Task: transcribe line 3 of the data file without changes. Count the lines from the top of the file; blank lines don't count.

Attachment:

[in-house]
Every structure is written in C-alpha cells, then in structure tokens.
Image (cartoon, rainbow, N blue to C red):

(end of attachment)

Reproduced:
Image (cartoon, rainbow, N blue to C red):